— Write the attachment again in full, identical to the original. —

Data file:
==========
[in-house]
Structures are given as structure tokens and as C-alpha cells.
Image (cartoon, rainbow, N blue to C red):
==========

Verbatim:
[in-house]
Structures are given as structure tokens and as C-alpha cells.
Image (cartoon, rainbow, N blue to C red):